by Oliver Sachs
(Alfred A. Knopf)
Oliver Sachs is the neurologist who has written a number of remarkable essays about those strange brain-based maladies like Tourette's Syndrome in books with equally odd titles like An Anthropologist on Mars, The Man Who Mistook His Wife for a Hat and Seeing Voices.
Now he has written a delightful memoir about his youth in England mostly during World War II entitled Uncle Tungsten: Memories of a Chemical Boyhood. The book struck a chord with me for my friend, Tom Killip, and I did some similar chemical experimenting when we were young. (Tom, much smarter than I, usually knew what he was doing; it was mostly magic to me.) Thus I delighted in passages like this one: "My first taste was for the spectacular -- the frothings, the incandescences, the stinks and the bangs, which almost define a first entry into chemistry. One of my guides was J. J. Griffin's Chemical Recreations, an 1850ish book I had found in a second-hand bookshop. Griffin had an easy, practical, and above all playful style; chemistry was clearly fun for him, and he made it fun for his readers, readers who must often have been, I decided, boys like myself, for he had sections like 'Chemistry for the Holidays' -- this included the 'Volatile Plum Pudding' ('when the cover is removed . . . it leaves its dish and rises to the ceiling'), 'A Fountain of Fire' (using phosphorus -- 'the operator must take care not to burn himself'), and 'Brilliant Deflagration' (here, too, one was warned to 'remove your hand instantly')....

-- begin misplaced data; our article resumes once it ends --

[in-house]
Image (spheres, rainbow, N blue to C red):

"Griffin suggested experiments with bleaching -- here I used my mother's bleaching powder in place of the chlorine water he suggested, and with this I bleached litmus paper, cabbage juice, and a red handkerchief of my father's. Griffin also suggested holding a red rose over burning sulfur, so that the sulfur dioxide produced would bleach it. Dipping it into water, miraculously, restored its color."
I recall in particular Tom having a powder that frothed violently, producing great quantities of gas, when we poured water on it. (I cannot now even recall the chemical involved.) We took a glass jar containing some of this powder to a bridge over a local creek. There we added water. The next step was to seal the jar and tip it over into the creek where we could watch it explode. Unfortunately -- or perhaps fortunately -- neither of us dared to screw on the jar cover for fear it would explode too soon.
Sachs experienced similar concern which he places in a wider context: "Chemical exploration, chemical discovery, was all the more romantic for its dangers. I felt a certain boyish glee in playing with these dangerous substances, and I was struck, in my reading, by the range of accidents that had befallen the pioneers. Few naturalists had been devoured by wild animals or stung to death by noxious plants or insects; few physicists had lost their eyesight gazing at the heavens, or broken a leg on an inclined plane; but many chemists had lost their eyes, limbs, and even their lives, usually through producing inadvertent explosions or toxins. All the early investigators of phosphorus had burned themselves severely. Bunsen, investigating cacodyl cyanide, lost his right eye in an explosion, and very nearly his life....